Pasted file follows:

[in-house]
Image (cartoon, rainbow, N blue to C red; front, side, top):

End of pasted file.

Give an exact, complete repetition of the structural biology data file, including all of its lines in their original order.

[in-house]
Image (cartoon, rainbow, N blue to C red; front, side, top):